Chisholm: Hogan’s latest ‘draconian measures’ allow businesses to ‘weaponize against other businesses’

Chisholm: Hogan’s latest ‘draconian measures’ allow businesses to ‘weaponize against other businesses’

Maryland State Police Official Twitter Page

@BryanRenbaum

Del. Brian Chisholm (R-Anne Arundel) said Gov. Larry Hogan’s recent decision to have the Maryland State Police expand a 24/7 hotline in which COVID-related restriction violations can be reported will encourage both neighbors and business owners to turn on each other.

At a news conference on Monday afternoon Hogan announced that the MSP will step-up enforcement of COVID-related compliance checks ahead of the Thanksgiving holiday season. Hogan said that effective Thanksgiving Eve (Wednesday evening) “high-visibility compliance units” will be setup across the state and that every county will see an increase in the amount of troopers on patrol.  The troopers will assist local police in enforcement operations and restriction violations can be called-in to the MSP response center, Hogan said.

“We have weaponized citizen against citizen,” Chisholm told MarylandReporter.com on Tuesday.

Chisholm, who sits on the House Health & Government Operations Committee, added: “What we’ve allowed people to do is stomp out competition and take revenge on people they don’t like. This is not what government was set up to do. I don’t know how many Maryland State policemen are going to willfully try to enforce some of these draconian measures. But we are in a sad place in the country and in the state when we are asking brother to turn-in brother and friend to turn-in friend and neighbor to turn-in neighbor. And then, once again-allowing businesses to weaponize against other businesses.”

Chisholm reemphasized that jealous business owners may turn-on each other.

“So, if my competitor is beating me in the free market, what would stop me from calling this hotline and saying: ‘Well this business is not asking people to wear masks or this business has too many people in there and they are not following one of these guidelines or one of those guidelines?’ It’s just a very dangerous and tenuous place to be.”

Sen. Will Smith (D-Montgomery), disagreed, saying the hotline is merely designed to help keep Marylanders safe.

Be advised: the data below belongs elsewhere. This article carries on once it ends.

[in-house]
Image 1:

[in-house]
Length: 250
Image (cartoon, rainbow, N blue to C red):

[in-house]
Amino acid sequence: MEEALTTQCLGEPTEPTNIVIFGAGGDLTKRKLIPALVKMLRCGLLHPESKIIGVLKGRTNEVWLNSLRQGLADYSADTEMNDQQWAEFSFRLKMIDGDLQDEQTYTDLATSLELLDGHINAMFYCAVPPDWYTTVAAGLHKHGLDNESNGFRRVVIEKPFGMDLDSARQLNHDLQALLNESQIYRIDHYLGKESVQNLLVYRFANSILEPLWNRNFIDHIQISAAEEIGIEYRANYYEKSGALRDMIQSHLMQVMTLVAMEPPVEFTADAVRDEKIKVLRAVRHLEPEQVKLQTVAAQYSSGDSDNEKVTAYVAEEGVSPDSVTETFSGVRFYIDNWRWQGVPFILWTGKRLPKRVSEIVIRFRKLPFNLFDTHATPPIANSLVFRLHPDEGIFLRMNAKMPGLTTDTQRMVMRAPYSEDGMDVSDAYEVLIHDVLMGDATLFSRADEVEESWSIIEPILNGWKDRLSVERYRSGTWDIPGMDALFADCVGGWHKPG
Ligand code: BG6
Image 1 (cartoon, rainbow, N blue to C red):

“This is a real public health and safety emergency and a crisis that we are still in the midst of…So I applaud the governor for taking this step. And I hope Marylanders take this seriously and take the pandemic seriously so that we can continue to save lives in the weeks and months ahead.”

Hogan’s communications director, Mike Ricci, noted that the hotline has been in use for more than three months and that it has been fine-tuned to weed out potential abuses.

“The hotline has actually been in operation since August 13, so we have had several months to refine it and make sure it’s properly focused on large gatherings, unsafe facilities, and violations of the public health orders.”

There are 185,464 confirmed cases of COVID-19 in Maryland as of Tuesday morning, according to the state’s Department of Health, and 4,325 people in Maryland have died from the virus. The state’s positivity rate is at 6.6%, which is well above CDC recommended guidelines for containment. Maryland has conducted more than 4.2 million COVID-19 tests.

The U.S. reported nearly 179,000 new cases of COVID-19 on Monday. In many states, hospitals are at or near-patient capacity limits.

About The Author

Bryan Renbaum

Bryan@MarylandReporter.com

Reporter Bryan Renbaum served as the Capitol Hill Correspondent for Talk Media News for the past three-and-a-half years, filing print, radio and video reports on the Senate and the House of Representatives. He covered congressional reaction to the inauguration of President Donald Trump as well as the confirmation hearings of attorneys general Jeff Sessions and William Barr and Supreme Court Justice Brett Kavanaugh. He also filed breaking news reports on the 2017 shooting of House Majority Whip Steve Scalise and three others. Previously Bryan broke multiple stories with the Baltimore Post-Examiner including sexual assault scandals at the University of Maryland, Baltimore County and a texting scandal on the women’s lacrosse team at that school for which he was interviewed by ABC’s “Good Morning America.” He also covered the Maryland General Assembly during the 2016 legislative session as an intern for Maryland Reporter. He has a bachelor’s degree in political science from McDaniel College. If you have additional questions or comments contact Bryan at: bryan@marylandreporter.com

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